5kW hub drive motor! (Washing machine DIY E-bike)

Vikingimike01

Active Member
Joined
Jul 1, 2018
Messages
738
Hey forum!

So the drum of our old (like 8 year old at most) washing machine broke. So I took the chance, and took the engine out.

It's a 365 watt, 120 volt, 1.6 amper engine. I wired it up, and connected the positive and negative to a small battery I got for my headlight on my 2 stroke motorized bike.

It ran. Pretty fast. But! No torque. Like at all. If I hold onto it, it's very easy to stop it. How can I increase torque? Keep in mind, this is a pretty old engine. Was thinking to make a generator like a wind or something out of it at first, but gave that idea up.

The battery was a small, like palm sized, cubic lead acid battery. 12 volts, 5.5 amper hours. Fully charged.

Do I need more of these 12 volt batteries, and then wire them up like that, or, should I get a bigger 12 volt battery, with more amper hours? Should I rewire with more windings, or thicker copper wire? There's like a centimeter of air gap that I can maybe use up (Not quite sure if theres a reason behind having that)

I was thinking of getting more smaller batteries to reach that 120 volts.

Thanks in advance!
 


Vikingimike01

Active Member
Joined
Jul 1, 2018
Messages
738
Hey guys! I took a better look inside, there's actually not much space left to put more turns. It was dark, and I didn't see the black magnets.

Any other ideas? I was reading up on this, found out that overvolting is the best (But worst for the engine) way to create more power.

Also found this:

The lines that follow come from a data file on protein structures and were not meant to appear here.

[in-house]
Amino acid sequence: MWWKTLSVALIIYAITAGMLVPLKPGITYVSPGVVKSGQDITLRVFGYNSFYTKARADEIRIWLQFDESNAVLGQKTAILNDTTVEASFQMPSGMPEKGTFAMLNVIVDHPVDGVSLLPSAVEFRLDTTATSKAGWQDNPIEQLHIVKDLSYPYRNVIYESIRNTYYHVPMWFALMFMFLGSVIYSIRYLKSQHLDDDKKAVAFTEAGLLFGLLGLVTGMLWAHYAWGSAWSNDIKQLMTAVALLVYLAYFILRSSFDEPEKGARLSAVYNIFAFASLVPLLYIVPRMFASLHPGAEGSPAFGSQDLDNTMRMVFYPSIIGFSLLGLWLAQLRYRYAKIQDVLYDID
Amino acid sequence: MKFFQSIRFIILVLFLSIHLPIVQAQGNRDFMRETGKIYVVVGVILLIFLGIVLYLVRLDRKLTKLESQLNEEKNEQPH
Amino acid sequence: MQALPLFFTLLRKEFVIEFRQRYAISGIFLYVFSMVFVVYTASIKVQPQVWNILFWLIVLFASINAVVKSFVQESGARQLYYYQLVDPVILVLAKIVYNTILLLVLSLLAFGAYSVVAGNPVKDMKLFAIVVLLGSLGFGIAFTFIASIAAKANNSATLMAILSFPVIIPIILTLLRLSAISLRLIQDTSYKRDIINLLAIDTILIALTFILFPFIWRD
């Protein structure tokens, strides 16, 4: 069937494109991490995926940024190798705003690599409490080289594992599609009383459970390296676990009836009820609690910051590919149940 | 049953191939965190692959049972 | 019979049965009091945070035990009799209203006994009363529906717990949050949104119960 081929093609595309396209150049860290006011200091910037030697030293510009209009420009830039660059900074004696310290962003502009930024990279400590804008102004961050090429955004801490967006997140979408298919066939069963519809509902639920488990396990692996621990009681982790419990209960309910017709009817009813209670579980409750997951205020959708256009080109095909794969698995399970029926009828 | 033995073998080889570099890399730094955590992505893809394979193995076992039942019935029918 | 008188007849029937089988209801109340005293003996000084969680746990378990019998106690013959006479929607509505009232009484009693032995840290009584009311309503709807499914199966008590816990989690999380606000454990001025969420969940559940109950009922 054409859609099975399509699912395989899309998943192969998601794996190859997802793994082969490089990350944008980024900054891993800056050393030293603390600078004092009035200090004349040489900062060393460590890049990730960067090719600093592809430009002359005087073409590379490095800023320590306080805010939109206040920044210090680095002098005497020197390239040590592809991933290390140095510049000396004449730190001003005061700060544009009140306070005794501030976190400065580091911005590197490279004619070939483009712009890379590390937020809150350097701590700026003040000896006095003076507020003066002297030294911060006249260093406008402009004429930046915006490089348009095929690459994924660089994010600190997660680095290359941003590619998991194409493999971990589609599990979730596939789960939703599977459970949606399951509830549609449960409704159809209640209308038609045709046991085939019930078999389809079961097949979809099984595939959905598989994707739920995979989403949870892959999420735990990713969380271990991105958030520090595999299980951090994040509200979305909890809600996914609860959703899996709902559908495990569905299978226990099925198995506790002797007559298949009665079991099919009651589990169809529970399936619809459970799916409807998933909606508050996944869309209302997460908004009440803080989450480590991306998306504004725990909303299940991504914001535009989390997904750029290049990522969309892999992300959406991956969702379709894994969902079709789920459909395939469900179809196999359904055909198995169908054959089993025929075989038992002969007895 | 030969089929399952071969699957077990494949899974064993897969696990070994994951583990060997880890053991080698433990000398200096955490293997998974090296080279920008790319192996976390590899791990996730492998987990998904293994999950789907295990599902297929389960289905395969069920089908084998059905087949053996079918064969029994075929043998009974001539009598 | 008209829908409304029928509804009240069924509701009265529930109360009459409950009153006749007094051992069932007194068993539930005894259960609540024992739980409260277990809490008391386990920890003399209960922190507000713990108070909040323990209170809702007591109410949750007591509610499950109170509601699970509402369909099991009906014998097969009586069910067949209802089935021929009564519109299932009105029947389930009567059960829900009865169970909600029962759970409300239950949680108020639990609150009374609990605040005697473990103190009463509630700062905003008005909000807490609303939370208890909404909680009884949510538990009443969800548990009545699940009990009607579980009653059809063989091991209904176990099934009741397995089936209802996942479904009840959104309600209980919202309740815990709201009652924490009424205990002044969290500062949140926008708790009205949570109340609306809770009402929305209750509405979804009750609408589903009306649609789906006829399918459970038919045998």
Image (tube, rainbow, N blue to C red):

86558


Where KW is the kilowatt the engine makes (New, old self explanatory)

Oldturns is the number of turns before winding it again
Newturns is how much new turns there are
 

mark20

Active Member
Joined
Sep 26, 2018
Messages
510
Hey guys! I took a better look inside, there's actually not much space left to put more turns. It was dark, and I didn't see the black magnets.

Any other ideas? I was reading up on this, found out that overvolting is the best (But worst for the engine) way to create more power.

Also found this:
View attachment 86558

Where KW is the kilowatt the engine makes (New, old self explanatory)

Oldturns is the number of turns before winding it again
Newturns is how much new turns there are
i would get more 12v batterys, wire them up in series. as 12v is really not enough (36v is the most common, 48v is stronger but you might fry the motor, unluckly but possible)
if you have the $ get 2 6s lipo batterys and wire them in series. and bam you have close to 48V and the motor will be fast!
the torque is multpied by the amount of voltage you have. (theroretily)
good luck!
 

Vikingimike01

Active Member
Joined
Jul 1, 2018
Messages
738
Thanks! I just checked the label, and it's actually for 240 volts. Oof.

What do you mean
the torque is multpied by the amount of voltage you have. (theroretily)
Does that mea, if I have 1nm of torque at let's say 10 volts, I'd have 2 at 20, 3 at 30, so on?

EDIT: Also it is AC since it's from a washing machine. And most batteries are DC.
 
D

DMC

Guest